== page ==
I know that OCD is chronic and I will likely live with this for the remainder of my life. But I know that it will not take up my entire life. The most difficult part for me was learning to accept uncertainty. It felt so backward from everything that I wanted to do. I was so used to responding with compulsions that I thought I needed to. That I needed to never feel anxiety. I no longer feel that I need to run from my feelings. I am able to sit in them and let them pass on their own. 

One of the most helpful things in my recovery journey has been connecting with others who have OCD. Online communities, and social media, have all been incredibly helpful. I am part of a Celebrate Recovery group (this includes anyone in recovery, not just those with OCD) that has been a wonderful space to share in. For 32 years I suffered from this disorder, and I didn’t know it. People deserve to know what OCD is, what it actually is. There is a stigma surrounding it and a lot of misinformation that still needs to be addressed. That’s why it is important to advocate and give education about OCD. I believe that even though it can be scary to talk about and share my personal journey, it is important work that needs to be done. People need to hear that there is hope, they don’t have to suffer needlessly. There is treatment. 

My family has been so supportive. They have had to come to terms with and mourn, in a sense, that I was not helped earlier in my life. They are happy to see that I am healing and that I now have the resources to help myself. I have even shared with family members my experience and now two of them are seeking help for OCD. 

My most difficult exposures in therapy were the ones surrounding suicidal-themed OCD. In ERP, I relived the day that the suicidal thoughts first appeared, touching the gun case and standing in the spot where the thought first occurred. In treatment, I was asked to write letters about how I would do it. These were called imaginal scripts. I held a gun with my husband in the house standing with me and sat with the intrusive thoughts and feelings. I watched movies and videos about suicide. I recorded some of the scripts and put them on a loop tape where I listened to them repeatedly. I also did similar exposures surrounding my fears about schizophrenia.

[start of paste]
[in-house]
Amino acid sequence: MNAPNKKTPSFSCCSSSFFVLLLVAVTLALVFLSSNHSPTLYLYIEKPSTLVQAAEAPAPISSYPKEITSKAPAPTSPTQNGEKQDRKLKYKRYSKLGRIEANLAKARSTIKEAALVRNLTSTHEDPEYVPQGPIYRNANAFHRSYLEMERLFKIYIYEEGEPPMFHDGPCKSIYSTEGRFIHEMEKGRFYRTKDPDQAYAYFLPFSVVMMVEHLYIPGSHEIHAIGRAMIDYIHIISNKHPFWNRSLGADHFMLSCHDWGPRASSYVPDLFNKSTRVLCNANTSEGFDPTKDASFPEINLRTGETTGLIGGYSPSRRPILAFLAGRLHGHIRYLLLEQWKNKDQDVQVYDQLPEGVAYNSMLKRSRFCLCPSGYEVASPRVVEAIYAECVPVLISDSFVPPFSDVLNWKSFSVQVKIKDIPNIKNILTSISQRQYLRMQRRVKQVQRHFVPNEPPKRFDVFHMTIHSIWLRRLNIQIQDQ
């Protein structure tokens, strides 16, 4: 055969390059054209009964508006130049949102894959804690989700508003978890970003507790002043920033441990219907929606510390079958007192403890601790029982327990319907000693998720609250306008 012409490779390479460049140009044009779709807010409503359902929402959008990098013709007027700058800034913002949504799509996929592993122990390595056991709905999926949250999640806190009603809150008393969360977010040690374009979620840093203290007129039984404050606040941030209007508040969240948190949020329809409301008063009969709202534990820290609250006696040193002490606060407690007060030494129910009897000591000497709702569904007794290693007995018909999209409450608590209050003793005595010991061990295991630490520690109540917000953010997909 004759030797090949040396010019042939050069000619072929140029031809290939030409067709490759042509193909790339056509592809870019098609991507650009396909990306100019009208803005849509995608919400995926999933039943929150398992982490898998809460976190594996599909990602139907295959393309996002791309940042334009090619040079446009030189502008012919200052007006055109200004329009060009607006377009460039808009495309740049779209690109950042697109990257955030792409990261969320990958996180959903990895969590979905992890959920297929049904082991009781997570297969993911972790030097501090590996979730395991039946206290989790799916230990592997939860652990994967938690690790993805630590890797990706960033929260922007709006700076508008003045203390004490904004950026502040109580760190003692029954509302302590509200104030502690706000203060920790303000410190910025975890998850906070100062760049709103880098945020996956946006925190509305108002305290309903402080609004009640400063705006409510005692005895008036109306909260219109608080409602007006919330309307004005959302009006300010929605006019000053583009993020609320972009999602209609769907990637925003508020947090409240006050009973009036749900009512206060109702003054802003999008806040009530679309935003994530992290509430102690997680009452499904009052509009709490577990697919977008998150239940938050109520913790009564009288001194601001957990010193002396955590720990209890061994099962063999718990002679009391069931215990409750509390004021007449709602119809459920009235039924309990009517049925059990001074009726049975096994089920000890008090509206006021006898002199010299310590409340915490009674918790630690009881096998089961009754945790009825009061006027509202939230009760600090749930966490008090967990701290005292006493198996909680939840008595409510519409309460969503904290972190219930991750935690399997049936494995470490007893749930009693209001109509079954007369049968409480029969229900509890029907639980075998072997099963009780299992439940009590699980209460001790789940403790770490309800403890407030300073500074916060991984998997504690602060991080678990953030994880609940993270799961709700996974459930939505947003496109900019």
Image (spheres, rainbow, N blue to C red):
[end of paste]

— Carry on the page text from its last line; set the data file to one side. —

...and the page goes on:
I had to learn to live in the “maybe, maybe not”.

My advice is to seek treatment sooner. I know that for myself, there was a strength that came with the diagnosis. I knew I wasn’t alone and that this was a real thing. I didn’t have to fight it alone. I wish I would have known sooner. 

If you are afraid to talk with a therapist, please know that you are not alone. You would be so surprised at how many people struggle with similar fears. I know it can be hard to think about facing your fears head-on, but that is where healing and recovery are. It is in doing the hard things. You can either let OCD take over your life or you have the choice to seek help and gain control. You can get the tools you need to take back the power in your life. It will take dedication and practice. But it will be worth it. There is so much more to life than living it in fear. 

Today, life is so good. I used to live waiting for the other shoe to drop, so to speak. Now I know that even if a shoe drops I will handle it. I used to think that having intrusive and unwanted thoughts all day was normal and was just how it was supposed to be. I believed that I had to perform compulsions to keep the anxiety at bay. But I have realized that my brain is a little different. I have learned to love my brain in spite of this. I am no longer sad for what could be, what my brain could have been. I refuse to live in regrets. I have learned about acceptance. I am not afraid of what may be lurking around the corner. I am not worried about what may be under the bed.

At this point, I know I can face anything. I know that I can fight the fight. I know that I will be triumphant over this.

Don’t be afraid to lean into the OCD community. On this journey, you can meet a lot of people who understand and to whom you can relate. Please don’t let labels or fears stop you from getting the help that is there.